Male feminism at the University of Alberta is like a Pink Floyd button you pin on your backpack. You can wear it and feel smug about it for as long as you like, until someone asks you what your favourite song from The Dark Side of the Moon is and you’re forced to confess you’ve never listened to them before. It’s a way of saying “I get it,” without actually needing to get it or do the work at getting it.
Feminism is flourishing, and it’s a booming industry for men everywhere. Having men — who sit at the apex of power in a patriarchal world — acknowledge wage gaps, dating abuse, rape, and general inequality is certainly a step in the right direction. But it’s becoming increasingly obvious that men can be absolved of as many crimes against women as they want, so long as they plead feminism. A number of celebrities, such as Robin Thicke, James Deen, and Jian Ghomeshi, confirm this — as do several high-profile men on our own campus.
Last September, I became friends with a guy who’s an executive of a student group that, among other things, promotes gender equality. I enjoyed hanging out with him and was impressed by his work in gender politics, until he began giving me unsolicited compliments and proposing sex. His advances degenerated into threats and ultimatums, and when I made it clear how uncomfortable I felt, he deleted me off Facebook and never talked to me again. His feminism apparently had no room for my frigidity.
A few weeks ago, I went to an end-of-school frat party. I started talking to a group of guys from the fraternity, and who all claimed to be devout feminists. They mentioned how the Sexual Assault Centre hosts a talk for them every year, and boasted about how their house is so safe that “girls sleep over here all the time.” A few hours later, one of them drunkenly admitted he often fingered girls who stayed the night while they slept, “even if they weren’t hot.”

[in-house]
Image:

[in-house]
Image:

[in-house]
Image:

Instances like these, which can be recited by virtually all university-age woman, reinforce the fact that the “male feminist” label frequently signifies nothing. Men who claim to be feminist receive undeserved praise and enormous social capital for merely acknowledging the movement for gender equality, even if these same people actively hurt, objectify, and deprecate women. These individuals are applauded for showing up to the party, despite what they actually bring to it.
The men I’ve come to know at university who are true feminists seldom proclaim it. They understand that believing in and practicing gender equality doesn’t merit a reward. Even if they’ve never used the word, I know they’re true feminists because of the way they talk about women, and how they listen to and support me. Unfortunately, these men are part of a disappointingly small minority when compared to the rest of the male “feminists” at the U of A, who range from annoying to creepy to outright predatory.
If you’re a man, don’t call yourself a feminist. We need to stop unquestioningly assuming that every man who demonstrates an entry-level understanding of gender equality is an inherently good person. The male feminist is hardly a brave ally selflessly standing up for womankind — he’s often a warning of the dark, scary forms of misogyny that lurk within the gender equality movement itself.